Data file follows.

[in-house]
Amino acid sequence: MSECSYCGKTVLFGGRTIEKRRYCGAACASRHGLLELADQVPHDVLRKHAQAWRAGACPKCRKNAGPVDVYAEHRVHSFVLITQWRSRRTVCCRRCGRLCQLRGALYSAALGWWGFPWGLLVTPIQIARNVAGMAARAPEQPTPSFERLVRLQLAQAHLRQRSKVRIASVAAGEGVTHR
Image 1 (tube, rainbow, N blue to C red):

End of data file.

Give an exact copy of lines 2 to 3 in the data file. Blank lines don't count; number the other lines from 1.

Amino acid sequence: MSECSYCGKTVLFGGRTIEKRRYCGAACASRHGLLELADQVPHDVLRKHAQAWRAGACPKCRKNAGPVDVYAEHRVHSFVLITQWRSRRTVCCRRCGRLCQLRGALYSAALGWWGFPWGLLVTPIQIARNVAGMAARAPEQPTPSFERLVRLQLAQAHLRQRSKVRIASVAAGEGVTHR
Image 1 (tube, rainbow, N blue to C red):